The Next Chapter
17 days ago the first chapter ended when we were given the news that the right team was available for Candi at Shenton Park Rehabilitation Hospital. We were ecstatic with this news! Shenton Park has a fabulous reputation, the best in the Southern Hemisphere in fact! And the head consultant, Dr John Ker, who will be overseeing Candi’s care, is at the top of his field and is also very holistic in his approach (this made my Mum and I very happy!).
And you wouldn’t believe it…on the first evening of being in this hospital, Candi’s right arm moved! I thought I was seeing things and told my Mum and brother to have a look, so Mum asked Candi to try moving her arm again, and she did! 3 more times!!! The movement was mostly coming from her wrist, but that is much more than we had anticipated…at this early stage at least!
It has been almost 3 weeks now since Candi arrived at Shenton Park. It was decided that she would be in the spinal ward initially (each ward has its specialty) and not the neurology ward. The team has a prognosis meeting every 6 weeks and goal setting meeting with the patient every 2 weeks. At this stage they want to just observe Candi for the first 6 weeks before setting any goals. My family and I were rather disappointed that she wasn’t going to be starting her therapies yet, but as it’s turned out she has started with some rehabilitation which is very exciting!
The Hard Work Begins
We are absolutely thrilled Candi has started to receive treatment! Especially since she can now bring her hand all the way up to her chest! She is trying desperately to reach her face so she can scratch her own nose! It is so itchy all the time, poor love.
Candi is currently seeing a physio and occupational therapist daily, plus a dietician and speech pathologist. However, the speech pathologist only comes in on Thursdays at this stage. If Candi was in the neuro ward she would be having much more treatments specific to her brain damage, but right now she needs to be in the spinal ward as all the staff are obviously trained in spinal injuries. When we have the first meeting with the team, hopefully this week, this will be discussed and a plan set in place. It seems unbelievable to us that the spinal and neuro wards are at opposite ends of the hospital!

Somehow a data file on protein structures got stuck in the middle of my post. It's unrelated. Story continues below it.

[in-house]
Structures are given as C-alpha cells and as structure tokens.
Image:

Candi is saying new words most days! She has full movement in her face and is laughing a lot and appropriately to things we say! She has cried a bit more now, which is always tough to see. She gets so frustrated when she can’t communicate what she’s thinking. But we tell her all the time how proud we are of her and how well she is doing. Her comprehension is very good, especially since she gets humor!
A big moment last Friday…Candi’s nasal gastric feeding tube was finally taken out!!! Yay! She can now eat solids so we’ve started making our own mashed up food for her to eat. I missed the first homemade meal she ate that my sister made, but I was told Candi was in heaven!
The next big step forward will be when her neck brace gets taken off. Oh my, it annoys Candi sooo much! Especially when the doctors come in and say “can you open your mouth for me please?”!!!
Looking forward to the next update I write for you all, as I’m positive there will be much more progress to report on!